Set a bedtime and wake up time. Many aspects of our lives are competing with our sleep – work, working out, kids – and it can often feel like there just aren’t enough hours in the day. It feels easy to pull time from sleep because we aren’t actively doing anything when we’re sleeping, but it is something that has a cost down the line. Sleep tends to operate like a bank, meaning when you get 4 hour of sleep one night, your body is going to need to 10 hours the next. Also, sleep has an affect on the hormones that regulate hunger and our insulin response which can lead to negative affects on our bodyweight.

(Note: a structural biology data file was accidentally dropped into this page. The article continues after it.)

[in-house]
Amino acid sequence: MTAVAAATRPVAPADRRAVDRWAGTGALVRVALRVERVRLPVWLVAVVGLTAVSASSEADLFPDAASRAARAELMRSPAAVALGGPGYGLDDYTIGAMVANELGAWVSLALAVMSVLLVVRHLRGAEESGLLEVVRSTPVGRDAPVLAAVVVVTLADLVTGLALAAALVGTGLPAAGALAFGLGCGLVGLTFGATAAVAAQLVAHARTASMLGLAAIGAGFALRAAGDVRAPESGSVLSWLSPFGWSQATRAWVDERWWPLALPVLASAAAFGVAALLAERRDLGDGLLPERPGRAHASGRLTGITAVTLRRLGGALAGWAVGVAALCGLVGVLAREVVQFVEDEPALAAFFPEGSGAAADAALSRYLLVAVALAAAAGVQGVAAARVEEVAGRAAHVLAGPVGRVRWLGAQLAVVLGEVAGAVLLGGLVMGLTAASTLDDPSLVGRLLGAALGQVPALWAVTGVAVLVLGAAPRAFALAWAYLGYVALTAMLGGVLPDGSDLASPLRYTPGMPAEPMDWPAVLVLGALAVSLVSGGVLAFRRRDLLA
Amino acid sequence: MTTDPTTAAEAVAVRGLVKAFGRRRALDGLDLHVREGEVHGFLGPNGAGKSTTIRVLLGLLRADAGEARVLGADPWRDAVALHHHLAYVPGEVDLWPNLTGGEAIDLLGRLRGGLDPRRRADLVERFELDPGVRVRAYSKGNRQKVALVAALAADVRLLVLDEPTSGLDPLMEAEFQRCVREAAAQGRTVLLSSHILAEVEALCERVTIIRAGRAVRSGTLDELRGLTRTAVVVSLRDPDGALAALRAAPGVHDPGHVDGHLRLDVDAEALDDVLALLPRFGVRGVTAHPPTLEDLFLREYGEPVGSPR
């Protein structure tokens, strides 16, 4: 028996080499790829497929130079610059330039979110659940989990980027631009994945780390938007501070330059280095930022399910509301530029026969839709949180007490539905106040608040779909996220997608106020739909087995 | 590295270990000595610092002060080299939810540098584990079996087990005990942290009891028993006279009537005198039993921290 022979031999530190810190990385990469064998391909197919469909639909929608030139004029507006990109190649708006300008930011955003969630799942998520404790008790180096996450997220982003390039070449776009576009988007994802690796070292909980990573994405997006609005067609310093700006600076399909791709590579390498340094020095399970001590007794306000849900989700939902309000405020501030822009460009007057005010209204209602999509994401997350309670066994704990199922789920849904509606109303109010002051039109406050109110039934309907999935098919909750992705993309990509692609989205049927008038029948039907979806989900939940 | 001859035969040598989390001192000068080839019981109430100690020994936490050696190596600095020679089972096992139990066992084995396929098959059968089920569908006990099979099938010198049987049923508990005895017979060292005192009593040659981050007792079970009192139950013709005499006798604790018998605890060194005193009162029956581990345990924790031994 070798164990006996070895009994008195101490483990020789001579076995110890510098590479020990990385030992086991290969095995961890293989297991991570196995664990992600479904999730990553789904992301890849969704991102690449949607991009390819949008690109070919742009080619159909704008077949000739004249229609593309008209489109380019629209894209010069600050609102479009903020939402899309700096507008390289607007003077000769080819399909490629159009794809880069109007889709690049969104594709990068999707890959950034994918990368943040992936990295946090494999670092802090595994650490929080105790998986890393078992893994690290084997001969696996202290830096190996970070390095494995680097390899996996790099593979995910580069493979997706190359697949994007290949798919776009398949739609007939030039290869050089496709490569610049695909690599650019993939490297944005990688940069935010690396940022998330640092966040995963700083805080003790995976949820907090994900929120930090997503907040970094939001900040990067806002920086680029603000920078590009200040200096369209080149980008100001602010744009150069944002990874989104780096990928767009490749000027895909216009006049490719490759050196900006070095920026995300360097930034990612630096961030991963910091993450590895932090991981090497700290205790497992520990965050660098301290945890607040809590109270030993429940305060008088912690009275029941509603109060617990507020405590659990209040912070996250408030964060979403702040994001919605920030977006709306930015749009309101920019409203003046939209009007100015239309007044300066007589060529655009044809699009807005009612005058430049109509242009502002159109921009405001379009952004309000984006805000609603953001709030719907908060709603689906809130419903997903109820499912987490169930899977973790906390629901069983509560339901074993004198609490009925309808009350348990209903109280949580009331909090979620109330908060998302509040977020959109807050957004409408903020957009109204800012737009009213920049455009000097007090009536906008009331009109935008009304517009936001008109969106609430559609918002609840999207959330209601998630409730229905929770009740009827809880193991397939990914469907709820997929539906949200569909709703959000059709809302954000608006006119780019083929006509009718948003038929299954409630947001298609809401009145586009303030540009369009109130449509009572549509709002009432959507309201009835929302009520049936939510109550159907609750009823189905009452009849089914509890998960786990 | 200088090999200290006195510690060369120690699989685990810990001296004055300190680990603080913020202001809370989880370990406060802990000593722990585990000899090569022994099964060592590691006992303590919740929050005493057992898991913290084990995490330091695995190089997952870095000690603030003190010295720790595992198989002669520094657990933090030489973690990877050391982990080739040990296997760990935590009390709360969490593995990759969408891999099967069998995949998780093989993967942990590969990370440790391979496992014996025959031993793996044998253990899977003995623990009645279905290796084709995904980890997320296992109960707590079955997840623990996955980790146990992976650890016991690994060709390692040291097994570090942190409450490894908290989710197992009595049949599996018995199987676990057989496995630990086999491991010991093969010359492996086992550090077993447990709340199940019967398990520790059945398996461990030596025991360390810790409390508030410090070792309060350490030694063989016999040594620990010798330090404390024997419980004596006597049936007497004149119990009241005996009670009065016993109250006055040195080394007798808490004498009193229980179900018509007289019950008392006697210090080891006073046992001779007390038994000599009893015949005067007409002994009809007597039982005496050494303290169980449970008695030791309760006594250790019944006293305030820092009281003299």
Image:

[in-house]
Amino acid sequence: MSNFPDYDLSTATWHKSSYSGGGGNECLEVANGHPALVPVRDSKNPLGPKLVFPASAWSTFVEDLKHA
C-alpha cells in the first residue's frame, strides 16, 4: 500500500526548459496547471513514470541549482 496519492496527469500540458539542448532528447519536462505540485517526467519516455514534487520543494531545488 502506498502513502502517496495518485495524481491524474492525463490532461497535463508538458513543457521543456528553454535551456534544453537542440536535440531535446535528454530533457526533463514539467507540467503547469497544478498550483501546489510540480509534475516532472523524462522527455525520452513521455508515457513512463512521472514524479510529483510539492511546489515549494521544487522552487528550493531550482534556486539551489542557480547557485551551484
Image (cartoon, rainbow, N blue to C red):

The sleep recommendation from the national sleep institute is 7-9 hours. The one thing to take away from the 7-9 recommendation is that getting less than 7 hours for an extended period of time is going to have a negative affect on your recovery, how you feel, and how you perform. The best way to start to watch your hours of sleep is to set a bed time and a wake up time each day and don’t be afraid to make changes based on how you feel.